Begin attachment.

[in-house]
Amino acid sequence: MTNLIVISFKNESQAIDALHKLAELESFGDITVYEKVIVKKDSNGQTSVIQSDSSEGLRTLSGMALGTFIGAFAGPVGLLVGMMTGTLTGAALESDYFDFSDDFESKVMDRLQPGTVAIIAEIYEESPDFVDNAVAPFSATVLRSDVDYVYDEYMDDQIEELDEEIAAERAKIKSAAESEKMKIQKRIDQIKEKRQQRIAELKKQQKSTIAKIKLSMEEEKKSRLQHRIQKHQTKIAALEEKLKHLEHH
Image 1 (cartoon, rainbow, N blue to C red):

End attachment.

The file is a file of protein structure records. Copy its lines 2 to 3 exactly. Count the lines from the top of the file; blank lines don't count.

Amino acid sequence: MTNLIVISFKNESQAIDALHKLAELESFGDITVYEKVIVKKDSNGQTSVIQSDSSEGLRTLSGMALGTFIGAFAGPVGLLVGMMTGTLTGAALESDYFDFSDDFESKVMDRLQPGTVAIIAEIYEESPDFVDNAVAPFSATVLRSDVDYVYDEYMDDQIEELDEEIAAERAKIKSAAESEKMKIQKRIDQIKEKRQQRIAELKKQQKSTIAKIKLSMEEEKKSRLQHRIQKHQTKIAALEEKLKHLEHH
Image 1 (cartoon, rainbow, N blue to C red):